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Why Religious Conflict Will Intensify in Africa? – Professor Hussein Solomon

December 4, 2015

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Why Religious Conflict Will Intensify in Africa?

By Hussein Solomon

RIMA Occasional Papers, Volume 3 (2015), Number 11 (December 2015)

This past week, Pope Francis conducted a six-day tour of the African continent that took him to Kenya, Uganda and the Central African Republic. The latter, in particular, has been experiencing violent clashes between Muslims and Christians. In this context, the visit by the pontiff to a mosque in the Central African Republic was highly symbolic of the need to reach across the religious divide if sustainable peace is to be achieved on this troubled continent.

What happens in Africa could well define the future trajectory of Muslim-Christian relations globally. What accounts for this prognosis is simple demographics. Between 2010 and 2050, Africa’s share of the world’s population will increase from 12 percent to 20 percent. To put it differently, this continent will experience the fastest demographic growth on the planet. At the same time, in a mere two generations, the majority of the world’s Christians is expected to reside in Africa[1]. Over the same period the number of Muslims globally will grow by a staggering 73 percent[2]. The number of Muslims in Africa, meanwhile is expected to grow by nearly 60 percent from 242.5 million in 2010 to 385.9 million in 2030[3]. The interaction – whether peaceful or conflictual – between these two great faiths on the African continent could increasingly define the interaction between Christianity and Islam globally.

The nature of the interaction between these two faiths is however complicated by environmental variables and the politics of identity. Much of the population growth is taking place in societies where there is a scarcity of resources. Think here of the Sahel.  Growing desertification, has intensified conflict over scarce arable land. The city of Jos in Nigeria, for instance has, witnessed ethno-religious conflict since 2001 which has pitted Christian Berom against Muslim Hausas. At the heart of the conflict is access to fertile land at a time when the population is growing whilst the arable land has been under sustained threat due to the ongoing drought[4]. Over and above the twin impact of environmental variables and religion, Jos also highlights situations where ethnic and regional identities reinforce the underlying religious divide. Add to this the politics of exclusion practised by the Nigerian state, and conflict is all but inevitable. Indeed, most African states have failed miserably at inclusive governance.

Another dimension of the demographic problem is highlighted by Eric Kaufmann in his seminal book Shall the Religious Inherit the Earth? Demography and Politics in the Twenty-First Century[5]. He convincingly argued that the fertility rates among non-religious communities is displaying the lowest fertility rates in human history – often less than one child per woman. Conversely, the fertility rates of deeply religious people are several times this. Moreover this holds true across faith communities – Buddhist, Christian, Hindu, Muslim, or Jew. This is unsurprising given the fact that religious communities emphasise traditional roles for women and all three Abrahamic faiths encourage their adherents to ‘go forth and multiply’[6]. This growing population increase amongst the religious will, according to Kaufmann see greater conflict between deeply religious communities as they contest who speaks for God as well as between the religious people and secular states. Conflict, once again, becomes the norm.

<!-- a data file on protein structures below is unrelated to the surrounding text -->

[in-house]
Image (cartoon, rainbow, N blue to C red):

Compounding these issues is what kind of Islam is on the ascendancy. Is it a moderate Islam embracing plural societies and secular states or is it a Salafist Takfiri Islam violent in its rejection of secularism and the proverbial “other”. The fact that there were 27000 terrorist attacks globally since 9/11 (or more than 5 per day) linked to radical Islam clearly demonstrates that radical Islam is on the ascendancy[7]. On the African continent, the fact that there are more than three terrorist attacks per day attributed to Islamists, reinforces this global trend. Under the circumstances, one can only conclude that religious conflict on the African continent will intensify in the coming years.

[1] Christine Mungai, “The future of world religion is African, so what would an `African’ Christianity of Islam look like?” Mail and Guardian. 30 September 2015. Internet: http://mgafrica.com/article/2015-11-30-the-future-of-religion-in-africa. Date accessed: 3 December 2015.

[2] Manasi Gopalkrishnan, “An interview of Dr. Moshe Terdiman on Deutsche Welle (DW) on the Muslim Population by 2050,” Internet: https://muslimsinafrica.wordpress.com/2015/04/08/an-interview-of-dr-moshe-terdiman-on-deutsche-welle-dw-on-the-muslim-population-by-2050. Date accessed: 21 April 2015.

[3] Mungai, op. cit.

[4] Colin Freeman, “Nigeria’s descent into holy war,” The Daily Telegraph, 8 January 2015. Internet: http://www.telegraph.co.uk/new/worldnews/africaandindianocean/nigeria89999758/N. Date accessed: 9 January 2015.

[5] Eric Kaufmann, Shall the Religious Inherit the Earth? Demography and Politics in the Twenty-First Century. Profile Books. London, 2010.

[6] Ibid., p. xvi.

[7] Daniel Pipes, “Why the Paris Massacre will have Limited Impact,” op. cit.

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